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    The Development of a Match to Sample Memory Task and Test of Impulsivity to Investigate Rat Models of Schizophrenia
    (2007) Pammer, Dave; Mauch, Tiffany; Day, Arden; KIipec, W. D.
    Animal models of schizophrenia have been developed using chronic exposure to the dissociative anesthetics phencycladine (PCP) and ketamine to induce psychosis in rats. Preliminary research in our laboratory has shown marginal effects of low doses of PCP on the rat P300 event related potential (ERP) similar to those found in human male schizophrenics. As part of a broader program of research investigating the P300 ERP in a rat model of schizophrenia, we have been developing a battery of behavioral paradigms to test for memory deficits and impulsiveness that can be used to differentiate schizophrenic-like behavior from normal behavior in rats. The present research is directed toward developing a Y-maze match to sample (MTS) and a two lever MTS paradigm to screen for memory deficits. In these tests the rat receives a water reinforcer only if it chooses to run to the alley that was lighted or press the lever that was lighted during the sample phase. Memory is tested by inserting a delay interval during which the light cue disappears and the response is prevented. We are also developing a test of impulsivity in which the rat must inhibit a nose poke response until the third brief presentation of a light to obtain a water reinforcer. Early nose pokes result in a time out. Olin Hall construction delayed the initiation of this experiment. Accordingly preliminary results will be presented.
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    Neuropil Distribution In The Anterior Cingulate And Primary Visual Cortex Of Cetartiodactyla, Primates, and Afrotheria
    (2014-04-17) Nguyen, Amy; Patzke, Nina; Bitterman, Kathleen; Manger, Paul; Spocter, Mohammad
    Previous studies of the cerebral cortex have utilized the neuropil space as a proxy for connectivity, highlighting structural differences between cortical areas. The following study aims to investigate the distribution of neuropil space across 18 mammalian orders in two cortical areas, sampled from the frontal and occipital lobes. Results indicate a significant difference in neuropil space between cortical areas and species. The anterior cingulate cortex maintained a higher neuropil fraction than the primary visual cortex among all species studied.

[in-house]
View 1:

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    Pulse-Shape Effects On The Autler-Townes Doublet In Strong-Field Ionization Of Atomic Hydrogen
    (2014-04-17) Emmons, John; Buczek, Sean
    A characteristic feature in strong-field multi-photon ionization processes is the so-called Autler-Townes Doublet [1] that occurs due to the transient splitting of atomic energy levels in the electric field of the laser pulse. Preliminary studies [2] revealed that the shape of this doublet structure can be strongly dependent on the details of the pulse structure. This dependence is not only surprising, but may also be a limiting factor on the ability of calibrating absolute laser intensities [3]. [1] S. H. Autler and C. H. Townes, Phys. Rev. 100 (1955) 703. [2] A. N. Grum-Grzhimailo, M. N. Khaerdinov, and K. Bartschat, Phys. Rev. A 88 (2013) 055401. [3] M. G. Pullen et al., Phys. Rev. A 87 (2013) 053411
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    Parallelizable Algorithms For Describing The Effects Of Strong Time-Dependent Electromagnetic Fields On The Hydrogen Atom
    (2014-04-17) Emmons, John; Howes, Austin; Kramer, Alex; Guan, Xiaoxu
    We are testing a variety of methods to numerically treat the ionization of atomic hydrogen by a strong lase r pulse. Besides providing high accuracy, the algorithms should be parallelizable in order to handle the sometimes long propagation times needed to solve the time-dependent Schrödinger equation for this fundamental strong-field problem. We report progress on developing a computer code that will make such calculations possible on massively parallel supercomputer platforms.
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    Estimation Of The Social Discount Rate For Non-Marginal Environmental Damages
    (2014-04-11) Parrish, Conor
    When estimating the costs and benefits of programs to address long-term environmental challenges like climate change, the choice of discount rate often drives the results. The Pure Rate of Time Preference (PTP) used in major analyses have ranged from 0.1% (Stern) to 3% (Nordhaus) or higher. In many studies, high values of PTP are supported by revealed preference information based on marginal changes. However, many of the expected effects of climate change are likely to be non-marginal, including extinction, loss of entire habitat types, and inundation of small nations. We report on efforts to measure PTP for non-marginal changes by asking individuals to choose between protecting all of a particular type of habitat for a fixed number of years, versus a fraction of the habitat indefinitely. Presenting individuals with this trade-off provides a way to assess preferences that is easy for the participant to understand, potentially realistic, and not subject to many of the confounding factors that plague current techniques.